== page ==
Cell site blog: ‘consistent’ data, or data ‘not inconsistent’

By Dr Iain Brodie, Senior Cell Site Expert

As cell site experts we are often asked to consider whether cell site data is ‘consistent’ with a specific scenario, in the knowledge that our words can have a significant impact on how a jury thinks.

For example, a typical question put to us might be:  is the data for a particular mobile phone ‘consistent’ with it having been at the scene of a particular incident which occurred, say, in the centre of Birmingham at 12:00 on a particular day?

If the cell site data for the phone shows that it connected via a cell site in the centre of Birmingham which serves the scene at 12:00, then in my opinion it is clear that the data is consistent with the phone having been at the scene. This does not mean that I think the phone necessarily WAS at the scene, as the cell ID used will cover an extended area and, of course, locations that are not the scene. Given the unpredictable ways in which phones are used, however – what data there is supports the contention that the phone was at the scene.

The situation is equally clear cut if, at 12:00, the phone connected via a cell in central London. It is physically impossible for the phone to have connected to a cell in London whilst located in Birmingham, so (if the records from the network are correct) such data would be in conflict with or inconsistent with the phone having been in central Birmingham at 12:00.

If, at 12:00 and 12:01 say, the phone connected via cells in central Coventry, the scenario is slightly different. It is not, under all circumstances, physically impossible for the phone to have connected to a cell in Coventry whilst located in Birmingham. But in all normal circumstances – given the huge number of other more likely cells in Birmingham for the phone to have used, I would still say that this data was in conflict with the phone having been in central Birmingham at 12:00. Such an opinion could be reinforced by carrying out further work if required, but in general such further work would not be required.

But imagine the data was less clear cut. For example, now my phone’s call data records show a cell site in Coventry connected to by the phone at 11:00, a cell site in Solihull at 11:30, a cell site in eastern Birmingham at 11:45 and a cell site in Wolverhampton connected to at 12:30.

In my opinion this data is again ‘consistent’ with the phone having been at the central Birmingham scene at 12:00, as the logical journey of the phone would have been close to the scene. Indeed there are not many plausible routes other than the phone passing close to the scene at 12:00 that could generate such data – although again, I do not believe the data means that the phone definitely was at the scene (and nowhere else) at 12:00.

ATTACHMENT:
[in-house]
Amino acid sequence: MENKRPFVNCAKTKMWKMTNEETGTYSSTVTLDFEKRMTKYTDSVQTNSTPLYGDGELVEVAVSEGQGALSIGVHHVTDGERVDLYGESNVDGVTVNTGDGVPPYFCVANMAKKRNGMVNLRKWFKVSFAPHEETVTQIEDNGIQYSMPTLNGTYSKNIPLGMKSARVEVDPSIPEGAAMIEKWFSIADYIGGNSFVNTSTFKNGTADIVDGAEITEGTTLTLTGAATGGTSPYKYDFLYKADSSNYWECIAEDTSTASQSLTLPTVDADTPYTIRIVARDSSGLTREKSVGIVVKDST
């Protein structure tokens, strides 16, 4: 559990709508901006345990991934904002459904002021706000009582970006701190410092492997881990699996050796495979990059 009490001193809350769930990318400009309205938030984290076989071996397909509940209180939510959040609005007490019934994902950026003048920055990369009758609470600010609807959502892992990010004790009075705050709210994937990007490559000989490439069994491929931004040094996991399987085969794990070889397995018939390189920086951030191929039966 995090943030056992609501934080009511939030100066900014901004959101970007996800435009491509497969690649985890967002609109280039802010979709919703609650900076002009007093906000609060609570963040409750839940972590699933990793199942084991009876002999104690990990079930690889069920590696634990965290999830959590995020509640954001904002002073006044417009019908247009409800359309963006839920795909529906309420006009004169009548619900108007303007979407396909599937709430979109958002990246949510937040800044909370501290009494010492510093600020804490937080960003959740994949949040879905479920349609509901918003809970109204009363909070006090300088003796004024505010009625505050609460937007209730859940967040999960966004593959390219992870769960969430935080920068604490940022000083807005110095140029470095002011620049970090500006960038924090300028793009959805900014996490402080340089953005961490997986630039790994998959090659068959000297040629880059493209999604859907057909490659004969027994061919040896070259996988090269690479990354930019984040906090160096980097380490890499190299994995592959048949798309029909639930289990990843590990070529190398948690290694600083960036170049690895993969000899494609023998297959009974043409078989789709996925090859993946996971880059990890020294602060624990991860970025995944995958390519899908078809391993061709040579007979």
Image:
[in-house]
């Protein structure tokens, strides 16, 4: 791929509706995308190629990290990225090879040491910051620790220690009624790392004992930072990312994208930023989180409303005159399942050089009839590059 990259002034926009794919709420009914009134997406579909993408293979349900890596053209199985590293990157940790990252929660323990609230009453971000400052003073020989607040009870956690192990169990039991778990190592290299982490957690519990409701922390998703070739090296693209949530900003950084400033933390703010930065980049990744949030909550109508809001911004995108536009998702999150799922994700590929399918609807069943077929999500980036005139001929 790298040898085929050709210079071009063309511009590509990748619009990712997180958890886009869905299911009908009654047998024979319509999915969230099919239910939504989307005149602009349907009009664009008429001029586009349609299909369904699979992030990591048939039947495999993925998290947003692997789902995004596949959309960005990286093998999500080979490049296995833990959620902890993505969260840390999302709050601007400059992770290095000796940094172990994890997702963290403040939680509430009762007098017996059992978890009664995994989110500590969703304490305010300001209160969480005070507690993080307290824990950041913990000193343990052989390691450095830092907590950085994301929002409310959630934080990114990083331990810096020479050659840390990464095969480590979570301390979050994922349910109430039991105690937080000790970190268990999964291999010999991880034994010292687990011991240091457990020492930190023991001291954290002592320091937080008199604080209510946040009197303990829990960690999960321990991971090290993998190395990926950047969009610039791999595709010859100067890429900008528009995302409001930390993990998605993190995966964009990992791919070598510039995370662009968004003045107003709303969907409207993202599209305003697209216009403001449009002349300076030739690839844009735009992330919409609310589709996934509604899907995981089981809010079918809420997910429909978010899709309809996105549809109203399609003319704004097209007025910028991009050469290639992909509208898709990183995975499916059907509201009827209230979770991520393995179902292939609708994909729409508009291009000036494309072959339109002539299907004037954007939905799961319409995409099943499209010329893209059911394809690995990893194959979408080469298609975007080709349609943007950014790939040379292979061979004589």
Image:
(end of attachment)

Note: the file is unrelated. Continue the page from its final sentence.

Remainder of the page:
If, however, the call data for the cell in Wolverhampton was not so. All we would have was call data consistent with movement of a phone towards the centre of Birmingham, but even less evidence that the phone was in the centre of Birmingham. Such a scenario presents quite a grey area for evidence of opinion. Some experts may say the data is still consistent with the phone being in the centre of Birmingham at 12:00, whilst it may be argued that there is, in fact, NO data consistent with the phone being in the centre of Birmingham at 12:00.

I would say that the data is consistent with the phone having travelled towards the centre of Birmingham in the times leading up to 12:00, although there is no data showing it had been used in central Birmingham.

A final scenario would be where the phone connected to a cell site in Coventry at 11:00 and again to the same cell site in Coventry at 12:45. In this scenario it is quite POSSIBLE that the phone had time to travel to the centre of Birmingham and back, but there is no data that would lead me to expect that this had been the case. Here I would use the phrase ‘the data is ‘not inconsistent’ with the phone having been in the centre of Birmingham at 12:00 but there was no data indicating it had done so’.

This may seem like semantics. However, in a case where I gave evidence for the defence earlier this year (in Birmingham Crown Court as it happens), the prosecution expert asserted that there was cell site evidence ‘consistent’ with the defendant’s phone having been travelling away from a location of a crime at a particular time, when the cell site used for all of the relevant calls provided service at his home address. The prosecution expert’s use of the word ‘consistent’ here was challenged and the challenge was accepted by the court.